Everyone knows that even pacing is a necessity for success in distance running, and that holding back at the beginning of a race is essential for getting the most out of yourself. (For the purposes of this story, we’ll omit strategic considerations affecting runers at the very front of the pack under certain conditions).

Putting this into practice, however, can be a substantial challenge; even very experienced athletes are prone to self-destructively ambitious starts, and some people never get over this racing hurdle.

As with a lot of things in running, implementation requires more than mere awareness and a decision to merely “be smart out there.” It entails rehearsal, commitment and fighting your own impulses.

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1. Be present with yourself. 

When you arrive at the race venue, understand what you need to do in the time before your race—hydrate, warm up, change into your racing gear, and so on. Moreover, don’t waste energy, become unfocused or get too excited too soon.

“I think a big thing is consistency,” says Kathy Butler, an Olympian at 5,000 meters (1996) and 10,000 meters (2004) and currently a coach with the Boulder Track Club in Colorado. “The warm-up and pre-race routine should be something you’ve done over and over again before workouts. Even if you don’t have time to do a full warm-up before every workout, make sure to do them as often as possible. This way, as soon as you start your warm-up on race day, it will just be an autopilot thing you can do without worrying.”

Do account for your internal environment; if you know you’re unusually keyed up, ease off the throttle just a little more than usual when the race starts, especially in longer events. Review and trust your training and prepare to execute your race plan as you stride confidently to the line.

2. Don’t overdo your warm-up or get too amped up…or too chill.

Arrive in time to warm up adequately, but don’t wear yourself out trying to dispel nervous energy or testing how you feel with an overly quick warm-up pace. If you’re habitually prone to going out too hard, skip doing strides, and use the first few hundred yards of the race to dial into your sweet spot.

Also, while most runners benefit from trying to calm down in the moments before the gun, some athletes may need to get more fired up. For example, if you’re among those prone to quelling anxiety over a self-test by trying to divorce yourself from the outcome, and have told yourself at the start that a race isn’t really important in the grand scheme of life, allowing yourself to become emotionally invested in the outcome may be better than attempting to shake free of nervous energy. If you tell yourself the result is irrelevant, you may be more reckless about early pacing, and then it won’t matter if you care or not because you’ll have blown it already.

3. Ignore the pre-race noise.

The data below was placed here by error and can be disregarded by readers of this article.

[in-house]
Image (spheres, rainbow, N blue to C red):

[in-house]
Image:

Try to ignore the starting-line noise. Most people are nervous and inclined to either joke around or spew nonsense, and you may hear something that throws you off. Anyone who’s been on a plane knows how contagious nervous energy can be. Once the race starts, look at the ground or the people around you (assuming a decent-sized field) rather than as far forward as you can—save that for once you’re settled in.

“Knowing where to find your place on the start line is key,” notes Butler. “This varies based on the size of race. Often, you need to start quickly just to get out of trouble with the crowds at the start, pick a point ahead of time where you consciously end that fast start and settle into your pace.” That point, she says, can be a physical spot—say, 150 to 200 meters (about a tenth to an eighth of a mile) into the race, or it can be a time on your watch, such as 30 seconds. In big races, a crowded start may mean you start more slowly and have to pick it up. You need to be okay with this and accept that space will open up around you soon enough, even in a mega-event.

4. Don’t be a slave to your splits.

Even if your whole plan revolves around a sensibly determined pace, you can’t and shouldn’t force that outcome, even if the course is dead flat and the weather’s perfect. Thoughts like, “6:00 first mile….keep it right at 6, no faster…90-second 400s” is more likely to lead to early overexertion than, “Hold back…rhythm and relaxation.” Remind yourself that almost no one ever suffers for going out too slow in a race.

Hand in hand with being flexible about precise split times, says Butler, is respecting the course conditions, including hills, wind and heat. A lot of runners intend to account for these, but once the race starts, a rigid pace schedule may prevail instead. “Be ready for rough patches, especially in longer races,” Butler advises. “It’s normal to go through a rough patch and come out on the other side able to get right back on pace, or even go faster.”

Also, don’t rely on a GPS device to avoid starting too fast in races. Even the best GPS watches are not 100 percent reliable under all conditions, such as when hundreds or thousands of other people are trying to do the same thing and cityscapes are in the way. Plus, when you’re running in even a loose pack of bodies, looking too often at your watch can actually be dangerous to you and those around you. GPS feedback can be a useful adjunct once you’ve tackled the pacing matter from within, but don’t rely on it for race day.

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